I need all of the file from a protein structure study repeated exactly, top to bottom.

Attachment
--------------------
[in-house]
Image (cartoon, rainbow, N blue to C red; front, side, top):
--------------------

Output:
[in-house]
Image (cartoon, rainbow, N blue to C red; front, side, top):